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Jun 24

Plans call for adding a fourth disc golf course, doubling JCPRD’s most popular disc golf course

Posted on June 24, 2022 at 3:31 PM by Becky Burnside

Plans are being made to add a fourth JCPRD disc golf course at Lexington Lake Park, and to possibly double the number of holes in Shawnee Mission Park, but specific timeframes for these projects have not been set.

Superintendent of Parks and Golf Courses Bill Maasen said the plans are being made in response to users who would like to see some changes at some of JCPRD’s disc golf courses, which currently consist of 18-hole disc golf courses in Shawnee Mission, Heritage, and Big Bull Creek parks. 

Earlier this year, the Parks & Golf Courses Division received 755 responses to its first-ever disc golf survey consisting of 12 questions. 

The survey showed that about 85% of respondents were male, 88% said they play one or more of JCPRD’s three courses, and 56% said they play multiple times per week. The age groups of 25 to 34 and 35 to 44 each accounted for about 31% of respondents, while about 10% were 18 to 24, 15% were 45 to 54, about 6% each were about 55 to 64 or older than 65, and about 1% were under 18. 

“The interest was amazing,” Maasen said of the response to the survey, which was online for about a month ending in late May. “We got responses from all over the metropolitan area. We knew there was interest, and we also know there’s interest from multiple age groups.” 

The survey also asked participants to respond to preliminary plans for adding a nine-hole course at Lexington Lake Park and converting Shawnee Mission Park from one 18-hole course to four sets of nine holes each. In separate questions, about 95% of respondents like the plans for the Shawnee Mission and Lexington Lake courses as presented in the survey. There are currently no plans to modify JCPRD’s other two courses.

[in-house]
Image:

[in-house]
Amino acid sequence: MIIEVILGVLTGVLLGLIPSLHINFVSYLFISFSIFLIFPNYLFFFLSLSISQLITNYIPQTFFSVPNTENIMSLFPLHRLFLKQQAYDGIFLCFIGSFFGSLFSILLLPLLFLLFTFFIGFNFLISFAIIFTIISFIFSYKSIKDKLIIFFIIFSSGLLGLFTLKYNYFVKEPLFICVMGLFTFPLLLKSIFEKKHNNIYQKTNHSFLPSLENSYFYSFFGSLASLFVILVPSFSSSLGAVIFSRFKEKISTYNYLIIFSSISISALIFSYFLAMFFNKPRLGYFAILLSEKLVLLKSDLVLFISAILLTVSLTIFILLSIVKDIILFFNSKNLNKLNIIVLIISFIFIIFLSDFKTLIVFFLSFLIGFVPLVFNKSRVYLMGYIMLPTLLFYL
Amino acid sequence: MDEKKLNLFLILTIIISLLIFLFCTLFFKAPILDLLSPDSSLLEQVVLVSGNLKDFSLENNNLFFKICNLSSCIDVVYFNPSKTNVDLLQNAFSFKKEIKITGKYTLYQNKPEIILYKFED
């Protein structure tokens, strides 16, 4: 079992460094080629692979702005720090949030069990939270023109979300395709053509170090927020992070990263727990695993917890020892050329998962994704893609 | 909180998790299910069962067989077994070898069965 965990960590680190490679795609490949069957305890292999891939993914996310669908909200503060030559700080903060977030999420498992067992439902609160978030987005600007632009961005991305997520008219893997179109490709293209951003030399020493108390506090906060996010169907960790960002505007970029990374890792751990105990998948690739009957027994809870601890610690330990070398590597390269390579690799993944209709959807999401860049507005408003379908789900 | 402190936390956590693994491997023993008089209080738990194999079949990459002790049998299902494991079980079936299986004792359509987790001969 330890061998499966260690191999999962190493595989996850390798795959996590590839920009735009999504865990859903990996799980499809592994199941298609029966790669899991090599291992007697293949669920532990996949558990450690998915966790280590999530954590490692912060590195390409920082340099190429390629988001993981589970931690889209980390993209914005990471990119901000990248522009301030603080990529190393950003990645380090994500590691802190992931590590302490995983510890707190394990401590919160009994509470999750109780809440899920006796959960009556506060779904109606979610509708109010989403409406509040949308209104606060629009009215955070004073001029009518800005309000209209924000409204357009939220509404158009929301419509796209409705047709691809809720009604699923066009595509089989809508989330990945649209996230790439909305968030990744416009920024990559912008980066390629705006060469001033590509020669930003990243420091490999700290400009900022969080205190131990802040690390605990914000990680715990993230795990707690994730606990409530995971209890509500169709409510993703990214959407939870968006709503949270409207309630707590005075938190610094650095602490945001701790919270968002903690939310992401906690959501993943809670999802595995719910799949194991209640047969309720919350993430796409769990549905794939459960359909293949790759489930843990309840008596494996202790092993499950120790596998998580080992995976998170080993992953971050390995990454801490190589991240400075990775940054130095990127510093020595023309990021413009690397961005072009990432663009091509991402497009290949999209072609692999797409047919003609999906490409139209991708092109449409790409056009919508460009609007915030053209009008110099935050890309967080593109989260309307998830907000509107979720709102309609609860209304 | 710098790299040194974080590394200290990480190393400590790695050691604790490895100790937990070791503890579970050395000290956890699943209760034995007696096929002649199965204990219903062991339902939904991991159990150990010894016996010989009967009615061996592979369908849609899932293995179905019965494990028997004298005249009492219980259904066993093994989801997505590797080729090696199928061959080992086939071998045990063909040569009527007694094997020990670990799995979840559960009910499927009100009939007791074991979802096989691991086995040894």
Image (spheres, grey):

LLP Disc Golf Master PlanMaasen said he’s currently going through the process of hiring a course designer to lay out the Lexington Lake Park course on the ground allowing for slope, trees, and topography, and that he anticipates construction will begin in late 2022 with an anticipated spring 2023 opening. 

The LLP course will be located on the park’s east side in an under-utilized area where a cross-country course used by local high school athletes is located. Disc play would not be allowed while the cross-county course is in use.  

Work at the SMP course would probably begin in 2023. 

“One of the reasons we conducted this survey is because there’s a common theme of complaints about the Shawnee Mission Park course is that, as it exists, it could be more challenging,” Maasen said. “What users dislike are the back and forths (alternating fairways).”

Currently, the 18-hole course at SMP begins with three holes in the Walnut Grove area, and the remainder of the course is located inside the loop to the north created by West 79th Street and West 80th Terrace. The new plan would create two sets of nine-hole courses south of the loop, and two sets to the north within the loop. 

Courses to the south would include The “Art” Nine, which would incorporate public art and feature shorter fairways, and The “Ridge” Nine to the east with more typical longer fairways.  

Maasen noted that the idea for The “Art” Nine came from a local artist. 

“It was a result of a person who knows (Superintendent of Culture) Susan Mong, who came up with this idea of a nine-hole art course, where each hole would be an art piece or somehow art-affiliated,” he said. “It would also all be family-oriented, so you could go out with your four-year-old, or your ten-year-old, and you could all throw a disc.” 

Courses to the north within the loop would include The “Prairie” Nine to the east where there is wide-open spaces and views of the nearby prairie, and The “Grove” Nine to the west where there are more trees.

“What doesn’t work about that is The “Ridge” Nine are (currently) using the first three holes of this course. So, in essence, we’ll just build six new holes up here,” Maasen said. “What I like about the disc golf generally is that it’s low-impact, it doesn’t have a lot of impact on the land, and you can build a disc golf course as a very affordable public amenity that serves a variety of ages and is family friendly.”

SMP Disc Golf Rendering